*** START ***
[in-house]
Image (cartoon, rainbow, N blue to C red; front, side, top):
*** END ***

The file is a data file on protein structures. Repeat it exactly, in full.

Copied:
[in-house]
Image (cartoon, rainbow, N blue to C red; front, side, top):